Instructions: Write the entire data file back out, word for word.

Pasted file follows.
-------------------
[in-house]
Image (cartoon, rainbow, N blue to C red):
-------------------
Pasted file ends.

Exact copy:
[in-house]
Image (cartoon, rainbow, N blue to C red):